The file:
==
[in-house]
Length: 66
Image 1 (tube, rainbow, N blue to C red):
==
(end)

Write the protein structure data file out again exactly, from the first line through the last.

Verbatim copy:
[in-house]
Length: 66
Image 1 (tube, rainbow, N blue to C red):